SEBI aids fast-track market issues | business | Hindustan Times
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SEBI aids fast-track market issues

Companies can now fast-track their follow-on public offerings, a way listed companies raise cash from stock exchanges. The Sebi has made some recommendations that can now help these companies go to the market faster.

business Updated: Nov 09, 2009 21:10 IST
HT Correspondent

Companies can now fast-track their follow-on public offerings, a way listed companies raise cash from stock exchanges. The Securities and Exchange Board of India (Sebi) has made some recommendations that can now help these companies go to the market faster.

Investors investing in a Companies going for fast-track clearance though have to forego the bidding process for book building for retail investors, who will be offered the issue at the floor price. Only qualified institutional buyers (QIB),
large investors with a lot of funds, will be allowed to bid.

“The issues can have a pure auction, but only for the QIB,” said CB Bhave, chairman, Sebi.

The regulator has also made a series of recommendations to ensure large listed companies manage to state their accounts properly and the necessary transparency is achieved. These companies will be allowed to report their numbers in the International Finance Reporting Standards format.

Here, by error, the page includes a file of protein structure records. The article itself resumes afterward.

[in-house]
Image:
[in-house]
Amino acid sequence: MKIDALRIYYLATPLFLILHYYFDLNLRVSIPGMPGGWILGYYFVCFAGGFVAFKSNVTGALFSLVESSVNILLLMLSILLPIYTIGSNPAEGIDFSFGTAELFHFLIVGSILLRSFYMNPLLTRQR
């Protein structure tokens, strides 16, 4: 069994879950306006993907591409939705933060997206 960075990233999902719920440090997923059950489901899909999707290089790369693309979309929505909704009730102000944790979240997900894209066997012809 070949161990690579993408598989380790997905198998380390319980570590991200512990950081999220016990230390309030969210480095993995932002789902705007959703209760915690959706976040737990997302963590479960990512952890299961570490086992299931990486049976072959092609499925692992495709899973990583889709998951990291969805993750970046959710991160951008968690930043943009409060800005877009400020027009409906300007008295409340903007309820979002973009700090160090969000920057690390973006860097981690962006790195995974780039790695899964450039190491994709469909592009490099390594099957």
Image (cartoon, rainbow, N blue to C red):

“The SEBI clarification on Follow on Public Offers (FPO) does not have much for retail investors. Retail investors would get to apply for the issues at the floor level while other investors, such as qualified institutional buyers (QIBs) can bid for any price over the floor price,” said Amit Majumdar, Executive Director and Chief Strategy Officer of Angel Trading.

Sebi has also laid out guidelines clearing the way for existing stock exchanges to trade in stocks of Small and Medium Enterprises (SME). Ruling out setting up of a separate exchange, chairman CB Bhave said that the regulatory authority would rather the existing exchanges use their platforms to trade in these shares.

Companies allowed to trade on this exchange would have to provide a paid-up capital of between Rs 25 crore and Rs 10 crore.